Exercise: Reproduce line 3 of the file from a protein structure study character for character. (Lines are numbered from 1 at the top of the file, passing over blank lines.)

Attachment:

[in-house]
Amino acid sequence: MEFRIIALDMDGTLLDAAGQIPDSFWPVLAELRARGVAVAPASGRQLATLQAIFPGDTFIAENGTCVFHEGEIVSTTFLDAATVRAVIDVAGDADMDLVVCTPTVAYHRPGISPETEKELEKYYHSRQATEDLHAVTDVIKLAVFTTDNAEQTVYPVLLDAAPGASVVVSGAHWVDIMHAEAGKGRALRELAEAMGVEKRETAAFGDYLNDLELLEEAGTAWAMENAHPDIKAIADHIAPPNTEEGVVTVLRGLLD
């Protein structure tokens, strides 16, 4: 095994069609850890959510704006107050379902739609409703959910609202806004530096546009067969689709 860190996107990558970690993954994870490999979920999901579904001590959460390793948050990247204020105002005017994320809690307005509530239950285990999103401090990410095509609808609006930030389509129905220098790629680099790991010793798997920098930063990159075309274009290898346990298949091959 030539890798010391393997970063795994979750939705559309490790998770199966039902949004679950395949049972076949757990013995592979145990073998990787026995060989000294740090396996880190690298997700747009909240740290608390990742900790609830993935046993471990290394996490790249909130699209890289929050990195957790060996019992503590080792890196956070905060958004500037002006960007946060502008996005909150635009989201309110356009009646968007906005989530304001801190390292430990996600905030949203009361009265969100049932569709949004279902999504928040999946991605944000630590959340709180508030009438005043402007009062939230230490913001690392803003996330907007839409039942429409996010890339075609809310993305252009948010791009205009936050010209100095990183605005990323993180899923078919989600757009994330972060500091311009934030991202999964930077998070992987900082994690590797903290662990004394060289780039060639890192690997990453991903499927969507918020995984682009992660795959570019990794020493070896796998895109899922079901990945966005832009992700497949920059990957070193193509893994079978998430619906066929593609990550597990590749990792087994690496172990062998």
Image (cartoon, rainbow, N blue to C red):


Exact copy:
């Protein structure tokens, strides 16, 4: 095994069609850890959510704006107050379902739609409703959910609202806004530096546009067969689709 860190996107990558970690993954994870490999979920999901579904001590959460390793948050990247204020105002005017994320809690307005509530239950285990999103401090990410095509609808609006930030389509129905220098790629680099790991010793798997920098930063990159075309274009290898346990298949091959 030539890798010391393997970063795994979750939705559309490790998770199966039902949004679950395949049972076949757990013995592979145990073998990787026995060989000294740090396996880190690298997700747009909240740290608390990742900790609830993935046993471990290394996490790249909130699209890289929050990195957790060996019992503590080792890196956070905060958004500037002006960007946060502008996005909150635009989201309110356009009646968007906005989530304001801190390292430990996600905030949203009361009265969100049932569709949004279902999504928040999946991605944000630590959340709180508030009438005043402007009062939230230490913001690392803003996330907007839409039942429409996010890339075609809310993305252009948010791009205009936050010209100095990183605005990323993180899923078919989600757009994330972060500091311009934030991202999964930077998070992987900082994690590797903290662990004394060289780039060639890192690997990453991903499927969507918020995984682009992660795959570019990794020493070896796998895109899922079901990945966005832009992700497949920059990957070193193509893994079978998430619906066929593609990550597990590749990792087994690496172990062998």